Meditation is very different today than it was during the time of the Buddha where even committed Buddhists did not meditate. Meditation was seen as a specialized activity for monastics only. Devoted Buddhists contributed money so that these full-time residents would have the free time to devote to meditation.

Things have changed considerably since then. Now, meditation is more of a mainstream activity, much like Yoga. Anyone can do it! Here, I have put together some tips to help improve your meditation practice, or to help you get started.


Some years ago I came across a t-shirt that said JUST DO IT, and underneath, in smaller letters, Later. That’s not the way to go about meditating, or anything else for that matter!

Procrastination is about getting started. Once you start, the activity develops its own momentum, and carries you forward. You do not need a Zendo, a special room, or a special time of day in order to meditate. Just sit straight on a chair, on a folded blanket, or on a firm cushion. I have even seen a meditator who uses a beach ball to sit on! I do not use a timer, but I notice that my iPhone has a timer in the Clock app. How long? Anywhere from five minutes to twenty minutes or more. Do not underestimate the power of a five-minute meditation! Even five minutes will help reset your energy and your focus.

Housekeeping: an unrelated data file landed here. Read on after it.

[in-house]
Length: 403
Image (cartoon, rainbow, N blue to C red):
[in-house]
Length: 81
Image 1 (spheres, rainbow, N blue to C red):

Unavoidably, our minds are full of the concerns of the moment. If you find that these same concerns continue to run in your head when you sit, you can prepare yourself by “changing your mind.” Just a few minutes of reading an appropriate text such as a page from Thich Nhat Hanh’s Peace is Every Step (available as a free PDF file on the web), or listening to one of my practice songs (available free at, click on BOOKS then Buddha’s Book of Meditation) will get you in the right frame of mind.


You can start with one of the guided meditations on the same page as the songs above. Or you can start by following the breath. See if you can follow the whole cycle of a breath, from the in-breath, to the outbreath. Meditation is a physical activity; it is an antidote to our tendency to be in our thoughts rather than in the moment, at least in the beginning. Note that being alive is a physical activity as well! Bring your attention to all the physical sensations of breathing, of sitting, and of being where you are. Fill your heart with appreciation for this moment, and find a measure of contentment with things as they are now. If you wait for everything to be perfect, you may never experience contentment!   Instead, find contentment where you are.


Ordinarily the rhythm of our breath follows our thoughts. It may be irregular and staccato,  and we are usually not even aware of it. As you take a few deep breaths with awareness and continue focusing on your breath, within five minutes the breath becomes steady and regular. Notice this happening, and enjoy it. It is a peaceful feeling, and one of the payoffs of meditation.

Meditation often goes in cycles, and at this point, you may feel the intrusion of thoughts.